Her maternal grandparents provided a sharp contrast. They were intrinsically good, hard working, middle class people. Their world revolved around their grandbabies and was anchored by their unwavering Pentecostal faith. Salt-of-the-earth people who could always be counted upon to do the right thing, they loved Jesus and they loved Kimberly unconditionally.
In cinematic fashion, things spiraled out of control and the family came undone.
The trail of easy money paved with crime turned into a path of conviction leading straight to prison for Kimberly’s father. Resentment raged in the house built on a foundation of crime cracked by the incarceration of the man of the house. Stung by abandonment, Kimberly and her mother both experienced emotions running the gamut from hurt to anger. Kimberly needed to blame someone for the loss of her father and her hero. She chose her mother.
In a perfect world kids come home from school to find a platter of fresh baked brownies on the kitchen table and a smiling mother to greet them. In a perfect world, kids never come home from school to find a goodbye note on the kitchen table and a deserting mother made conspicuous by her absence.
That perfect world had eluded Kimberly with the void left in her life by her father’s imprisonment. Now any semblance of a normal childhood was shattered when Kimberly came home from school to find a note from her mother. Her mother, who had divorced her father, had packed her bags and left. The note said she thought her parents could take better care of Kimberly and her brother and sister than she could. Kimberly’s grandparents stepped in and provided a home filled with love, stability, and anything the three grandchildren wanted. They devoted their lives to compensating for the mistakes made by Kimberly’s parents.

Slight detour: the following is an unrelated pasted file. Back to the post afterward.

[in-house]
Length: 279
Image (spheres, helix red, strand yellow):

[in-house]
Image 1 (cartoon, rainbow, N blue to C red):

In a perfect world, kids return home from school to a father who is up for a game of pitch in the back yard or at the very worst with a list of chores to tackle. In a perfect world, kids never come home from school to find their father with a gun beside him lying in a pool of blood. With any hope of an idyllic childhood shattered but with normalcy interjected by a loving home provided by her grandparents; once again Kimberly’s childhood was interrupted—jarred by the sight of her father bleeding to death, she believed, from a self-inflicted gunshot wound.
He survived the suicide attempt only to be fatally stabbed years later during a confrontation with Kimberly’s abusive boyfriend who was a key player in a huge cocaine trafficking ring spanning from Kentucky to Florida. Kimberly witnessed her father’s murder and was again stained with his blood when his mortally wounded body fell on her.
Kimberly vividly recalls, “I ran after my Dad up the stairs and I remember him falling back on me. The next thing I remember is waking up and being covered with blood.”
With a lifelong taste of easy money on her palate and freshly drenched in her father’s blood, Kimberly was well on her way to the transformation from her identity as “Kimberly Yates” to the institutionalized, barcoded identity of U.S. Department of Justice, Federal Bureau of Prison number 07983-033.
Kimberly Yates is available for speaking engagements. She can be reached at firstname.lastname@example.org. Her book, What Little Girls Are Made Of, can be purchased on Amazon.com. Part II of What Little Girls Are Made of coming in the March/April issue.